Richard Petty waiting for resolution
FORT WORTH, Texas -- Richard Petty says he is closer than he was two weeks ago to finding a solution that will keep Richard Petty Motorsports alive.
"What that something is I don't know yet," Petty said before Sunday's Sprint Cup race at Texas Motor Speedway. "We thought it was [done] last week. Last week we thought it was the week before.
"Still in limbo."
Petty has been seeking investors to help regain majority control from George Gillett since it was reported two weeks ago that Gillett's financial difficulties that escalated from the recent sale of the Liverpool soccer club were putting his racing organization in jeopardy.
The situation was so dire that there were concerns whether RPM would keep its doors open for the remainder of the Sprint Cup season. Robbie Loomis, vice president for competition, said Saturday that the organization had enough backing to finish the final three races -- at Texas, Phoenix and Homestead-Miami Speedway.
"As far as I know," Petty said. "The cars are here [and] ready to go to Phoenix."
Petty said the outpouring of support to keep RPM on the track has been overwhelming.
"There's been a lot of support to keep us running from all facets, from manufacturers and fans and NASCAR, even the competitors," Petty said.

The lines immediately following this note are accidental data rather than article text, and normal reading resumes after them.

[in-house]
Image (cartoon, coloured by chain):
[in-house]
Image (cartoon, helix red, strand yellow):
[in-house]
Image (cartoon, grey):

Among those who have offered help is former team owner Ray Evernham, who still has a minority interest in RPM after selling majority interest of what was then Evernham Motorsports to Gillett in 2007.
"He called and said, 'What can I do?' " Petty said. "Right now, we don't know."
Petty declined to comment on whether he would have majority control ultimately.
"I don't know what we've got to do to make it work," he said. "Until we figure it out, can't do nothing."
Loomis could not say enough about how everyone at RPM has stepped up to maintain performance. They reaped the rewards on Friday when Elliott Sadler, who will move down to the Nationwide Series for Kevin Harvick Inc. next season, won the pole for Sunday's race.
"It's a tribute to the guys, just keeping their heads down and working," Loomis said. "And the drivers, too. Elliott has been through a lot of ups and downs. He's really dug in and put his head down this year and done a great job, not only in our car but when he won the Truck race at Pocono."
Loomis said no decision has been made for which crew members will be retained when the No. 19 team of Sadler and No. 98 team of Paul Menard disappear in 2011.
"We've definitely got some plans," he said. "The roster is already put together. ... Everyone knows we're a four-car team and working on laying out our plans to get to two cars. We've had a lot of talk about running a third car for the first five races with other interests. We've got the points for it."
David Newton covers NASCAR for ESPN.com. He can be reached at email@example.com.